Welcome back to Baby Breakerdom! This week's quest to uncover budding Rule Breakers finds some investors dancing to the ChaCha, while others enjoy a piping hot Mochila.
First up this week is ChaCha, which, like Guruji and hakia, has introduced a new twist to online search. The difference here is that ChaCha's "cuchi cuchi" has nothing to do with technology. Instead, the company has hired some 25,000 guides who can be called upon live to aid with a search.
"If you still don't get what you want, you say, 'I want a live guide, right now,'" ChaCha CEO Scott Jones told VentureWire in a recent interview. "It's basically a reference librarian with domain knowledge of what you want to know about." Call it adding the human factor.
Still, like Google or any of the others, ChaCha allows a user to conduct a simple Web search. Some of its results are pretty impressive. For example, I searched for Denver real estate prices and landed at a site that specializes in local housing market conditions. Not bad.
Then I decided to further test the service and use a live guide. Right away, a chat window opened and a guide named "MaryW" came to my aid. My challenge wasn't easy: I asked for the average selling price for homes near the Colorado town in which I live.
Nevertheless, she responded in less than two minutes with exactly what I wanted, from multiple sources. I was impressed, and when prompted by the system for feedback, I gave her a strong rating.
That's apparently pretty important. ChaCha says that high-rated guides will earn more. (But not much more -- the pay scale ranges between $5 and $10 per hour.)
So far, private equity investors like the model. On Monday, the firm announced that it had received $6 million in financing from three notable tech investors: Amazon.com
But is there really enough mojo in ChaCha to challenge Google
And anyone who has been flummoxed by the vast sea of irrelevant results that come with every search at Google can tell you that online search is still very much in its infancy. Add this one to the IPO watch list, Fool.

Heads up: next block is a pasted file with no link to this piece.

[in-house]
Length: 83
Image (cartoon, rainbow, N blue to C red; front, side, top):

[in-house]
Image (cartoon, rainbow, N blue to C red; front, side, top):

Next up is Mochila, which has created an online syndication network that claims to simplify the process of licensing creative works between publications. If that doesn't sound too different, I don't blame you. Syndication networks have been around for what seems like forever. King Features Syndicate, for instance, has been a supplier of comics to newspapers for decades.
The difference here is that Mochila allows editors to pull creative works a la carte and on demand, via an online storehouse of available content. What's more, editors can choose to align content with relevant advertising through Mochila's ad-matching service, which is powered by professional pitches like 24/7 Real Media
So far, dozens of media outlets have found Mochila's idea refreshing. Its client list includes CNET
That's why I was unsurprised to see Mochila announce $8 million in second-round funding on Jan. 2. If anything, Mochila, like ChaCha, seems on the fast track to IPO. I'll be waiting.
That's all for now. See you back here next week, when we continue our quest to find the greatest growth.
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Fool contributor Tim Beyers, ranked 1,036 out of more than 19,800 in Motley Fool CAPS, didn't own shares in any of the companies mentioned in this story at the time of publication. Get the skinny on all the stocks he owns by checking Tim's Fool profile. CNET is a Rule Breakers pick, Yahoo! is a Stock Advisor pick, and Microsoft is an Inside Value pick. Motley Fool's disclosure policy is a rebel on Wall Street.